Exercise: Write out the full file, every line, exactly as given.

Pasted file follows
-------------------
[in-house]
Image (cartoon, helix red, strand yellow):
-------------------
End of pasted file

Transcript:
[in-house]
Image (cartoon, helix red, strand yellow):